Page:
But nature, heaven's daughter, and the immediate character of that divine power, as by her light she hath taught us wisdom, for our own defence, so by her fire she hath made us fierce, injurious, revengeful, and ingenious in the device of means for the offence of those we take to be our enemies. This is seen in creatures void of reason, much more in mankind. We have in us a mixture of all the elements, and fire is predominant when the humors are exagitated. All motion causeth heat; all provocation moveth choler; and choler inflamed becometh a phrensy, a fury, especially in barbarous and cruel natures. These things are conspicuous in the inhabitants of New England; in whose southernmost part are the Pequets, or Pequants, a stately, warlike people, which have been terrible to their neighbors, and troublesome to the English.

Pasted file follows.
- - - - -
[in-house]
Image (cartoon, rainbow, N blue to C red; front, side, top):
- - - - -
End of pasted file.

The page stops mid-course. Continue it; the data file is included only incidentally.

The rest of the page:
In February last they killed some English at Seabrooke, a southerly plantation beyond Cape Cod, at the mouth of the river of Connectacutt. Since that the lieutenant of the fort there, with ten men armed, went out to fire the meadows, and to fit them for moving. Arriving there, he started three Indians, whicli he pursued a little way, thinking to cut them off. But presently they perceived themselves encompassed with hundreds of them, who let fly their arrows furiously, and came desperately upon the muzzles of their muskets, though the English discharged upon them with all the speed they could. Three Englishmen were there slain, others wounded. The eight that remained made their way through the salvages with their swords, and so got under the command of the cannon of the fort, (otherwise they had been all slain or taken prisoners), one of the wounded falling down dead at the fort gate. The Indians thus fleshed and encouraged, besieged the fort as near as they durst approach. The besieged presently despatched a messenger to the Governor at the Bay, to acquaint him with these sad tidings, who with all speed lent unto their aid Captain Underhill, with twenty soldiers. Not long after these salvages went to Water Towne, now called Wetherfield, and there fell upon some that were sawing, and slew nine more, whereof one was a woman, the other a child, and took two young maids prisoners, killing some of their cattle, and driving some away. Man's nature insulteth in victory and prosperity, and by good success is animated even in the worst of wicked actions. These barbarians triumphed and proceeded, drawing into their confederacy other Indians, as the Nyantecets, and part of the Mohigens, of whom about fifty chose rather to join with the English, and sat down at New-Towne, at Connectacut (now called Hereford, as the other town that went from Dorchester thither is called Windsore). Fame increaseth by flying. The former sad news was augmented by the report of sixty men slain at Master Pinchen's plantation, &c. which proved false. The Narragansets, neighbors to the Pequets, sent word to the English, that the Pequets had solicited them to join their forces with them. Hereupon the Council ordered that none should go to work, nor travel, no, not so much as to church, without arms. A corps of guard of fourteen or fifteen soldiers was appointed to watch every night, and sentinels were set in convenient places about the plantations, the drum beating when they went to the watch, and every man commanded to be in readiness upon an alarm, upon pain of five pound. A day of fast and prayers was also kept. Forty more were sent to strengthen the former twenty that went to the fort, and fifty under the command of Captain Mason, which being conjoined were about one hundred. Two hundred more were to be sent after them with all expedition.